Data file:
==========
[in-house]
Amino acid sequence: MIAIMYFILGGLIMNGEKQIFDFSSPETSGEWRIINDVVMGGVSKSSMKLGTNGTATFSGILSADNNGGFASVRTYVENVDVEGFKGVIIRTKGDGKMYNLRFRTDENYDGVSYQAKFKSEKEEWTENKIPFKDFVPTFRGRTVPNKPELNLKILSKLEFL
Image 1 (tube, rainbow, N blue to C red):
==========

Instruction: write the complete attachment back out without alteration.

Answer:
[in-house]
Amino acid sequence: MIAIMYFILGGLIMNGEKQIFDFSSPETSGEWRIINDVVMGGVSKSSMKLGTNGTATFSGILSADNNGGFASVRTYVENVDVEGFKGVIIRTKGDGKMYNLRFRTDENYDGVSYQAKFKSEKEEWTENKIPFKDFVPTFRGRTVPNKPELNLKILSKLEFL
Image 1 (tube, rainbow, N blue to C red):